29 August 2006
South Africa is considering building between four and six new nuclear reactors and a uranium enrichment programme to fuel them, says Minerals and Energy Minister Buyelwa Sonjica.
Speaking at the launch of the South African Young Nuclear Professionals Society last week, Sonjica said that South Africa would conduct a cost benefit analysis of the viability of uranium beneficiation.
South Africa currently has just one nuclear power station, Koeberg in the Western Cape, which accounts for 6% of the country’s power needs. The rest of South Africa’s power is coal-generated.
The enriched uranium used at Koeberg is currently imported from France, although South Africa is a leading uranium producer. This made it logical to consider the economic and other implications of a nuclear enrichment programme, Public Enterprises Minister Alec Erwin told reporters in Pretoria on Monday.
“The economics of this are very complex,” Erwin said. “The international agreements are complex. But what Minister Sonjica was indicating was that we will do the study, the outcome of which is likely to take some time.”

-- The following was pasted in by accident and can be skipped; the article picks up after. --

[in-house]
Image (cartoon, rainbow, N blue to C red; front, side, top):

Erwin said that all links in the uranium value chain were being considered. “South Africa has a capacity in this industry, and we are now studying how we should configure the industry in light of the changing environment.”
South Africa’s nuclear weapons programme was voluntarily dismantled in the early 1990s, earning the country widespread international recognition. South Africa remains the only country ever to have dismantled a nuclear programme.
Erwin stressed that any new uranium enrichment activities would remain within the country’s obligations to the international community.
“South Africa has said unequivocally that we have withdrawn our capacity for weapons-grade enrichment,” the minister said. “Whether we should now go back to enrichment for civilian uses is a matter we are going to have to study very carefully.”
Sonjica’s “nuclear build programme” would add an additional 5 000 MW to South Africa’s power generating capacity. State power company Eskom has confirmed that, in addition to the pebble bed modular reactor, it is investigating the feasibility of a pressure water reactor.
A demonstration pebble bed modular reactor, under construction near Cape Town, is expected to be online by 2010.
According to Sonjica, South Africa’s nuclear energy industry currently employs 3 500 people.
“Clearly there is potential in this country and this continent for us to look at ways of increasing the role nuclear technology plays in our economies,” she said.